*The concepts of the electromagnetic spectrum and the role of the photon in transmitting energy are introduced; the variations in sine wave form in terms of frequency, and the basic equations relating EM energy to frequency are covered. Some commonly used radiometric terms and quantities are defined and cursorily explained. The technique of expressing powers of ten is explained in the footnote at the bottom of this page.*

Hereafter in this Introduction and in the Sections that follow, we limit the discussion and scenes examined to remote sensing products obtained exclusively by measurements within the electromagnetic spectrum. Our emphasis is on pictures (photos) and images (either TV-like displays on screens or "photos" made from data initially acquired as electronic signals, rather than recorded directly on film). We concentrate mainly on images produced by sensors operating in the visible and near-IR segments of the electromagnetic spectrum (see the spectrum on the following page), but also inspect a fair number of images obtained by radar and thermal sensors. We begin with a survey of some fundamentals of the physics of remote sensing.

Most remote sensing texts begin by giving a survey of the main principles, to build a theoretical background, mainly in the physics of radiation. While it is important to have such a framework to pursue many aspects of remote sensing, we do not delve into this complex subject in much detail at this point. Instead, we offer on this and the next several pages an outline survey of the basics of relevant electromagnetic concepts.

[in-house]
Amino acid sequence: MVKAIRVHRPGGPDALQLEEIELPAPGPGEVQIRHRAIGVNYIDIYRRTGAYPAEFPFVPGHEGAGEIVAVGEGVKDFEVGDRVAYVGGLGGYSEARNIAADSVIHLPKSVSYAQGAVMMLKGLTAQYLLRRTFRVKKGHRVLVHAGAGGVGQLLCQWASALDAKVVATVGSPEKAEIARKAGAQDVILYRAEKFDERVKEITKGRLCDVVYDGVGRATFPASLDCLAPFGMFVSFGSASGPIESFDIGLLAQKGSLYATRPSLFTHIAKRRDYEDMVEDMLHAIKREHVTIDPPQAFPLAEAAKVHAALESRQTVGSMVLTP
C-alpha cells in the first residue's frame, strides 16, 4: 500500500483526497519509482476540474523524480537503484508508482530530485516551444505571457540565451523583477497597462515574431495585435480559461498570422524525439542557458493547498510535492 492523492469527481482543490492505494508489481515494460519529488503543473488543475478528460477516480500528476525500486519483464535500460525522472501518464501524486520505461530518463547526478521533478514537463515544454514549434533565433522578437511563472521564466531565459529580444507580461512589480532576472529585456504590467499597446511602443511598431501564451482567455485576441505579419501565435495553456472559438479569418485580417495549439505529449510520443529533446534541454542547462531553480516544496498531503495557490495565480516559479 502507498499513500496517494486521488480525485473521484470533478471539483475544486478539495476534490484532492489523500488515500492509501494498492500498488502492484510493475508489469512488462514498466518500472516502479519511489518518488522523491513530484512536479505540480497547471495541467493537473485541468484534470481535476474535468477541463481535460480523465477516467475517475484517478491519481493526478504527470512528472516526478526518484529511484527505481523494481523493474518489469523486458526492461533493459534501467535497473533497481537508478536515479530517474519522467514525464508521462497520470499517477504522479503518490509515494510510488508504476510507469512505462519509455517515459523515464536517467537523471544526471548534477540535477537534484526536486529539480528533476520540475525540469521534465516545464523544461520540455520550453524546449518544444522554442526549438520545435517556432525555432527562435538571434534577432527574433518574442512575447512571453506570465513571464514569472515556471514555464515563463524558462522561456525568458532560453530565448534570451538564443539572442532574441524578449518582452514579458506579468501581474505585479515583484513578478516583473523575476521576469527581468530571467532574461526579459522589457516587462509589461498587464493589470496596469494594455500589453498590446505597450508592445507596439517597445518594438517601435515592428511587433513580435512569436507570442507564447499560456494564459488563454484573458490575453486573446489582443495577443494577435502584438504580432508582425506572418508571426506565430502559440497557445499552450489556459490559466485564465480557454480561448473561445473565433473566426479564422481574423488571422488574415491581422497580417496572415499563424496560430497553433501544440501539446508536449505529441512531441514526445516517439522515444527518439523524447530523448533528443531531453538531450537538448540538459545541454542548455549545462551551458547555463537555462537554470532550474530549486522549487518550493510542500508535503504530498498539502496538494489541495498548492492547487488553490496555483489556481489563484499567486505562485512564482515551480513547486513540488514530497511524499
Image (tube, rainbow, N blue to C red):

**Synoptic Statement**: The underlying basis for most remote sensing methods and systems is simply that of measuring the varying energy levels of a single entity, the fundamental unit in the electromagnetic (which may be abbreviated "EM") force field known as the *photon*. As you will see later on this page, variations in photon energies (expressed in Joules or ergs) are tied to the parameter *wavelength* or its inverse, *frequency*. EM radiation that varies from high to low energy levels comprises the *electromagnetic spectrum*. Radiation from specific parts of the EM spectrum contain photons of different wavelengths whose energy levels fall within a discrete range of values. When any target material is excited by internal processes or by interaction with incoming EM radiation, it will emit photons of varying wavelengths whose radiometric quantities differ at different wavelengths in a way diagnostic of the material. Photon energy received at detectors is commonly stated in power units such as Watts per square meter per wavelength unit. The plot of variation of power with wavelength gives rise to a specific pattern or curve that is the *spectral signature* for the substance or feature being sensed.

Now, in more detail: The photon is the physical form of a quantum, the basic particle studied in quantum mechanics (which deals with the physics of the very small, at atomic and subatomic levels). It is also described as the messenger particle for EM force or as the smallest bundle of light. This subatomic massless particle comprises radiation *emitted* by matter when it is excited thermally, or by nuclear processes (fusion, fission), or by bombardment with other radiation. It also can become involved as *reflected* or *absorbed* radiation. Photons move at the speed of light: 299,792.46 km/sec (commonly rounded off to 300,000 km/sec or ~186,000 miles/sec). These particles also move as waves and hence, have a "dual" nature. These waves follow a pattern that we described in terms of a sine (trigonometric) function, as shown in two dimensions in the figure below.

The distance between two adjacent peaks on a wave is its wavelength. The total number of peaks that pass by a reference in a second is that wave's frequency (in cycles per second and hertz).